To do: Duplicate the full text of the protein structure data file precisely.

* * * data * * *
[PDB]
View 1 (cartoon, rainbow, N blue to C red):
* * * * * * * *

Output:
[PDB]
View 1 (cartoon, rainbow, N blue to C red):